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What Is Extradition And How It Works

What Is Extradition And How It Works
India has requested the UK for the extradition of absconding diamantaire Nirav Modi. (Source – Facebook page of NIRAV MODI @NIRAVMODIjewels)


What Is Extradition And How It Works

The process is governed by the provisions of the Extradition Act, 1962.

India has sent a formal request to the United Kingdom for the extradition of absconding diamantaire Nirav Modi, the government informed the Rajya Sabha on Thursday. He is wanted on charges of involvement in the Rupees 3,500 crore PNB fraud case and is believed to have left India earlier this year.

On 2 July, the Interpol had put out a red corner notice on Nirav ModiThe government had suspended the passports of Modi and uncle Mehul Choksi, a co-accused in the case, for four weeks in February this year. There are unconfirmed reports that the two have travelled to several countries in the interim.

The government’s move came even as a UK court is in the process of deciding on a similar request from India for liquor baron Vijay Mallya.

(Read – From Celebrity Jeweller To Banking Scam Accused, The Stunning Story Of Nirav Modi)

What Is Extradition?

The Ministry of External Affairs (MEA) is the designated nodal authority in India for these matters. It defines the process as “the surrender by one state to another” of a person who needs to be proceeded against for crimes in the courts of the other state.

This can be done under provisions of a treaty between the two countries (states) or under a special arrangement for a particular case in the absence of a treaty.

A country with which India has a treaty is obliged to consider an extradition request. In the absence of a treaty, the foreign country considers such requests in accordance with its own laws, and on assurances of reciprocity.

The legal basis is provided under the Extradition Act, 1962. It was enacted to consolidate and amend the existing laws related to the transfer of fugitive criminals from India to a foreign state and vice versa.

India has treaties with 42 countries, including the UK and the United States, and a special arrangement with nine others.

How The Process Works

The MEA processes requests from the following categories before deciding on approaching another country:

  • States where the alleged offence has taken place.
  • Courts of law were the fugitive offender is wanted.
  • The Union Home Ministry on behalf of agencies like the Central Bureau of Investigation (CBI) or the National Investigation Agency (NIA)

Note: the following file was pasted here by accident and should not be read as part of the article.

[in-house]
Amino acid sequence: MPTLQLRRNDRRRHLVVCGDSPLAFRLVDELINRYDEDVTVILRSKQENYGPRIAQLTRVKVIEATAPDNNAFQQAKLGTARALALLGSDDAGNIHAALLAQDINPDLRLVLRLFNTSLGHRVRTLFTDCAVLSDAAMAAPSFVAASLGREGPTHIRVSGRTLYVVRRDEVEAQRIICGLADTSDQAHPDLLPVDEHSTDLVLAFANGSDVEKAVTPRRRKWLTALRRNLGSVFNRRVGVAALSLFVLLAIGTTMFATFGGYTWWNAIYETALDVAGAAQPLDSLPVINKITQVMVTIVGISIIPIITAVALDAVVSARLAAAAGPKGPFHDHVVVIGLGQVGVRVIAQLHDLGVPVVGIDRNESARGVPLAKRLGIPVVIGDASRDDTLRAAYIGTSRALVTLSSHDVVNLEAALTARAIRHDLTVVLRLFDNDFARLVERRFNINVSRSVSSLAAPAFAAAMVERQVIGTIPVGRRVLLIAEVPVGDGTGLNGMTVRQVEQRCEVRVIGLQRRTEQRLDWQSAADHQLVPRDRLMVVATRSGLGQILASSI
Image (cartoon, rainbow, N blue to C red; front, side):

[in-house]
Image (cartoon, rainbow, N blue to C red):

The MEA then sends a formal extradition request to the country where a fugitive or absconding offender is believed to be residing in. Such requests are sent through diplomatic channels under the signature of the Minister for External Affairs.

This is accompanied by an affidavit or an undertaking by the investigating unit outlining why a particular person is wanted in India.

Once that foreign country completes its legal requirements, including relevant court hearings, and approves the extradition of a fugitive, the Indian law enforcement agency concerned sends an escorting team to that country to bring the offender back.

Successful Extraditions In The Past

High-profile cases where an extradition request has been successful include that of underworld gangster and 1993 Mumbai blasts case accused Abu Salem and his girlfriend Monica Bedi, who was wanted for passport fraud.

They were extradited from Lisbon in 2005 after a long-drawn legal process in Portugal. Since India does not have a treaty with Portugal, the Central Bureau of Investigation (CBI) had to give an undertaking that Salem would not be awarded the death sentence in keeping with Portugal’s laws.

A more recent case is that of underworld gangster Chhota Rajan (Rajendra Sadashiv Nickhale) who was brought back from Indonesia in 2015 to face charges of kidnapping and murder.

According to a list on the MEA’s official website, 65 people have been extradited to India between 2002 and 19 March 2018. This includes persons wanted for the Mumbai bomb blasts, acts of terrorism, waging or attempting to wage war against the Indian state, economic offences including bank frauds, and criminal offences like murder.

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